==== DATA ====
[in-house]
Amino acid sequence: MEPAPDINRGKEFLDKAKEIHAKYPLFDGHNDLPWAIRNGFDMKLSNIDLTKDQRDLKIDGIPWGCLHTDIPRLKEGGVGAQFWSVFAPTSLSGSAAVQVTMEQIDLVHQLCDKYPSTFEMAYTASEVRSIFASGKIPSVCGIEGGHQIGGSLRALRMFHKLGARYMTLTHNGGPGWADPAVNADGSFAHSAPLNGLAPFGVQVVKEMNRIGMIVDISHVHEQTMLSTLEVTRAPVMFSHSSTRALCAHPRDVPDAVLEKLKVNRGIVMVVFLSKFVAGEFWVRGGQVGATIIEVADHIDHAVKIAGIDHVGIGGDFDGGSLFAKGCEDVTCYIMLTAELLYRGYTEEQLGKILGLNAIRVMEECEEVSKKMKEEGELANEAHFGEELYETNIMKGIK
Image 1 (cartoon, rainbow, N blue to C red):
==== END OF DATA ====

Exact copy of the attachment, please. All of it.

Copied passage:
[in-house]
Amino acid sequence: MEPAPDINRGKEFLDKAKEIHAKYPLFDGHNDLPWAIRNGFDMKLSNIDLTKDQRDLKIDGIPWGCLHTDIPRLKEGGVGAQFWSVFAPTSLSGSAAVQVTMEQIDLVHQLCDKYPSTFEMAYTASEVRSIFASGKIPSVCGIEGGHQIGGSLRALRMFHKLGARYMTLTHNGGPGWADPAVNADGSFAHSAPLNGLAPFGVQVVKEMNRIGMIVDISHVHEQTMLSTLEVTRAPVMFSHSSTRALCAHPRDVPDAVLEKLKVNRGIVMVVFLSKFVAGEFWVRGGQVGATIIEVADHIDHAVKIAGIDHVGIGGDFDGGSLFAKGCEDVTCYIMLTAELLYRGYTEEQLGKILGLNAIRVMEECEEVSKKMKEEGELANEAHFGEELYETNIMKGIK
Image 1 (cartoon, rainbow, N blue to C red):